Sweet voice lifts singer to top of charts after death

This Just In...

April 09, 2001|By Dan Rodricks

THE THING TO remember, as the story of Bowie native Eva Cassidy goes global and becomes part of musical lore, is that the voice -- and not the tragedy -- is what first grips people. It's an absolutely arresting voice with the rare power to make old songs seem like new releases.

When Cassidy reshapes "Over The Rainbow," the impossible happens: I forget about Judy Garland. When she sweetens Sting's "Fields of Gold," it's as if I never heard the original, and I easily imagine Cassidy walking through the barley and letting her hair down. Same with "Songbird." Fleetwood Who?

I believe that I would feel this way, even if Cassidy had not died in 1996 -- even if we still could have the pleasure of hearing her perform at a club in Washington or Annapolis or, say, at the Columbia Festival for the Arts, where she appeared a few months before doctors at Johns Hopkins told her she had cancer.

I can't say for sure, of course, because one of her old friends, the gifted singer-songwriter Niki Lee, told me the whole sad story before slipping Cassidy's best-selling-in-Britain "Songbird" album into a CD player and punching up a track called "I Know You By Heart."

Knowing that the singer had died -- at 33 -- does affect the listener in a profound way. But it's not tragedy that hits you in the heart; it's the purity, uniqueness and gentle power of the voice.

"I Know You By Heart" reminds us of a lover distant but vivid in memory, or of a long- absent friend; there's some mysterious feeling of loss and longing in Cassidy's singing of it. I find the song as transfixing to the ear as a fire to the eye on a cool autumn night.

Others must have these feelings about this singer. I don't think sympathy, guilt or fascination with tragedy is what made "Songbird" a No. 1 selling album in the United Kingdom and put her other albums at the top of Amazon.com's charts. It's the talent, the sound of hope and love in that voice.

"She could sing anything -- folk, blues, pop, jazz, R & B, gospel -- and make it sound like it was the only music that mattered," wrote Richard Harrington in the Washington Post. "She was a secret slowly exposed by word of mouth from those who stumbled into her world and emerged forever fans. It explains why so many musicians sought Eva Cassidy out. Everybody felt like she was a part of their mix."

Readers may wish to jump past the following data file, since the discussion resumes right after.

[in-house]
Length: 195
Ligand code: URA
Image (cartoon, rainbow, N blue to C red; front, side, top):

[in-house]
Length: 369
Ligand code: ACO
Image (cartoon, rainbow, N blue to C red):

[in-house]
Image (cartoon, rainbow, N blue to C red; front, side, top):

I've listened to the cuts many times, often while driving through some of the saddest neighborhoods in Baltimore and sometimes while contemplating life's simmering problems and lingering regrets, and felt lifted by Cassidy's spirit.

Still, it's hard not to think of the unfairness of the Eva Cassidy story. She never got a record contract while she was alive. She was painfully shy, a backup vocalist reluctant to come out front, dismissed or ignored as a "local singer." In life, she never got an ounce of the recognition she's getting now. It breaks your heart.

For Niki Lee, it's even harder because she is one of many from the Washington musical world who knew Cassidy. Lee was raised in Potomac, Cassidy in Bowie, and their musical lives intersected frequently in Maryland and D.C.

Lee, who has performed around Baltimore for a decade and lives in Catonsville, wrote an elegiac song called "November" several years ago and recorded it with Cassidy and two other women. It's an a cappella recording, with Lee in the lead and Cassidy coming through, like the pentimento of an old oil painting, at a place where the song soars into the spiritual.

Few people know of the existence of "November," and Lee, who speaks of Cassidy with reverence, awe and sadness, is trying to decide what to do with it. Though Cassidy's voice is for the most part blended with the others, it's likely there would be interest in Lee's recording because Cassidy's music has been nothing short of a phenomenon during the last year, with big sales of her CDs and, more recently, national publicity on television and major magazines. The posthumous appreciation started, oddly enough, in England last spring, after the BBC broadcast Cassidy's "Over The Rainbow," and it has spread to Canada and to the United States.

There's a lesson in the legacy of Eva Cassidy -- that we make the effort to appreciate what's right in front of us instead of what's distant, what's instinctually attractive but not widely acclaimed. Sometimes the greatest talent and the most enduring beauty lives where we do. Sometimes the best things in life exist just down the road, and not in lofty places. Sometimes, when you're not looking at what's before you, you miss out.

The name game

Now that stock in PSINet Inc. is trading at less than the cost of first-class postage, maybe we can get on to the business of selecting a new name for the taxpayer-financed football stadium where your world-champion Baltimore Ravens play.("What do you mean, `We,' newspaper boy? The Ravens own the naming rights.")

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